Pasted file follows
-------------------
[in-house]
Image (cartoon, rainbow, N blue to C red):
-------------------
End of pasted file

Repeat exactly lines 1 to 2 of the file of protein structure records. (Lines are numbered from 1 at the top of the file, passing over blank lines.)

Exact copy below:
[in-house]
Image (cartoon, rainbow, N blue to C red):